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Statistics is a major offered by the School of Mathematics and Statistics. Units of study in this major are available at standard and advanced level.

About the major

Statistics is pervasive in all areas of the sciences, the social sciences, finance and business, and is the key paradigm used to assess the strength of evidence from all kinds of data. In a statistics major, students learn about theoretical, computational, and applied statistics, and probability theory. As part of the major students will apply the techniques that they learn to a variety of applications. Students learn about quantifying uncertainty, experimental design, probabilistic modelling and the latest techniques in statistical and machine learning. This major is essential training if you wish to become a professional statistician.

Advanced level units are available at all levels. Advanced units have more stringent prerequisites than standard level units and are significantly more demanding.

Requirements for completion

The Statistics major and minor requirements are listed in the Statistics unit of study table.

Contact and further information

School of Mathematics and Statistics

First year enquiries:

Other undergraduate enquiries:

All enquiries: +61 2 9351 5787

Major coordinator

Dr Michael Stewart

Learning outcomes

Students who graduate from Statistics will be able to:

No. Learning outcome
1 Exhibit a broad and coherent body of knowledge in fundamental principles of probability theory and statistics, including the principles of decision-making under uncertainty and statistical hypothesis testing.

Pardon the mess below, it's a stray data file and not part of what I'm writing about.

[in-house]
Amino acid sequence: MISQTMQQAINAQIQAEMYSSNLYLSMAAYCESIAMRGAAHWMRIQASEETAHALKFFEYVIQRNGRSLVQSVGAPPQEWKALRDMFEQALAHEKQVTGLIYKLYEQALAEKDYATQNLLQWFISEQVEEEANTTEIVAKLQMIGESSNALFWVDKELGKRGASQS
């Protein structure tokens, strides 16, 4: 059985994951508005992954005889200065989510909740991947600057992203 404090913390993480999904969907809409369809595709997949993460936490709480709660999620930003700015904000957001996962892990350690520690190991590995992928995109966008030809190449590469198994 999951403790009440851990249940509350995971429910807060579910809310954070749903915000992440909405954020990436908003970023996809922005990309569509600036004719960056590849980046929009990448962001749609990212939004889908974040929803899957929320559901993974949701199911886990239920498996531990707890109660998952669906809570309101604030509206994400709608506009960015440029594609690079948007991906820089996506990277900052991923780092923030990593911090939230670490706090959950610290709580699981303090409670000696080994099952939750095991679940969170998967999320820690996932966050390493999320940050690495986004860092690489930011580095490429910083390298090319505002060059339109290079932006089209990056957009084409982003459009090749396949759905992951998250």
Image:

2 Exhibit a deep and comprehensive knowledge of statistical reasoning and inference methods, the framework of statistical hypothesis testing and common statistical procedures.
3 Formulate statistical questions in a disciplinary context and identify and apply appropriate techniques and statistical reasoning to prepare and analyse data.
4 Analyse data in descriptive, interpretive and exploratory ways using graphical methods and visualisation tools.
5 Identify and address gaps in their statistical knowledge and skills by independently sourcing, collating and synthesising appropriate resources that extend their understanding of statistical concepts.
6 Communicate statistical concepts, methodology and results to diverse audiences using a variety of models including to facilitate data-driven decision-making.
7 Use computer resources and statistical programming languages to address a broad range of statistical questions.
8 Construct robust experimental designs using statistical principles.
9 Address practical and abstract statistical problems using a range of concepts, techniques and technologies, working professionally, ethically and responsibly and with consideration of cross-cultural perspectives, within collaborative, interdisciplinary teams.